Rocky Mountain Trucking LLC

A worker misclassification case involving intermodal giant Hub Group Inc. has settled, just shy of the 10-year anniversary of when it was first filed.

The two-part settlement totals roughly $5 million. 

The case, which was settled in a federal district court in Tennessee, dealt with activities for Hub’s drayage operations in California, with drivers who serviced Hub Group saying they were employees, not independent contractors, and were entitled to compensation benefits as if they were on the payroll. 

And the combined one-two punch of the Dynamex decision and potentially the state’s AB5 law appears to have played a role in the settlement.

In court documents filed last week, there are several references to California’s changing legal approach toward laws regarding the hiring of independent contractors and that the shifts were incentivizing the parties to settle.

The case was originally filed Jan. 25, 2013, so the final approval of the settlement came about six weeks before the 10-year anniversary of that original filing. 

Settlement talks formally began in August 2019, according to court documents. The original case was filed against Comtrak Logistics, Hub’s (NASDAQ: HUBG) drayage subsidiary, which later took the Hub name, as well as affiliated Hub companies. 

According to the court records, a deal was struck “only after (Hub and related defendants) ceased their practice of hiring independent contractor drivers in the state of California.” That step was done so after it was requested by the plaintiffs, “thus obviating any concerns arising from future misclassification (of) California drivers,” the brief said.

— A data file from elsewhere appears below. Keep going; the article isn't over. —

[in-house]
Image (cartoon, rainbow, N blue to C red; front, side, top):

At another point in the brief, the plaintiffs’ attorneys say that “the risks of continued litigation (are) further increased because the governing law within California on the question of independent contractor status has also been an ever-evolving issue through the pendency of this case.”

“That issue has tended to evolve in a manner favorable to the employee claims, if those laws and decisions are not then themselves preempted by federal law,” the brief adds.

Court documents include a reference to the Dynamex case, more formally known as Dynamex Operations West vs. Superior Court. The Dynamex case was decided in April 2018, and it established the ABC test for determining independent contractor status in the state. The three-pronged ABC test is considered to be highly favorable toward defining a worker as an employee.

The B prong in particular is problematic for truckers: “The worker performs work that is outside the usual course of the hiring entity’s business.” A trucking company — like a drayage firm — hiring independent truck drivers would face a high possibility of being in violation of the B prong.